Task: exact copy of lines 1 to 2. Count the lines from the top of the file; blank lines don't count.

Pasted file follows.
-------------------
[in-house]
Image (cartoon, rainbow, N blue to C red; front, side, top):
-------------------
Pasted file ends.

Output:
[in-house]
Image (cartoon, rainbow, N blue to C red; front, side, top):